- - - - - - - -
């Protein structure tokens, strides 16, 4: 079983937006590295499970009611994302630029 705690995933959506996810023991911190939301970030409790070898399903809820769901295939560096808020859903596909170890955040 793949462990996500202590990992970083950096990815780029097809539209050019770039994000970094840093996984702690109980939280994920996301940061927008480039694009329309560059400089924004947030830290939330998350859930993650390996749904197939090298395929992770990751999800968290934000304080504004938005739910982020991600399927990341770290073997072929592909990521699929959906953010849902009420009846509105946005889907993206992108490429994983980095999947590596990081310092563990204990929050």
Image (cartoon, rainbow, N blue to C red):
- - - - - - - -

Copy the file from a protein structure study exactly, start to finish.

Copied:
């Protein structure tokens, strides 16, 4: 079983937006590295499970009611994302630029 705690995933959506996810023991911190939301970030409790070898399903809820769901295939560096808020859903596909170890955040 793949462990996500202590990992970083950096990815780029097809539209050019770039994000970094840093996984702690109980939280994920996301940061927008480039694009329309560059400089924004947030830290939330998350859930993650390996749904197939090298395929992770990751999800968290934000304080504004938005739910982020991600399927990341770290073997072929592909990521699929959906953010849902009420009846509105946005889907993206992108490429994983980095999947590596990081310092563990204990929050």
Image (cartoon, rainbow, N blue to C red):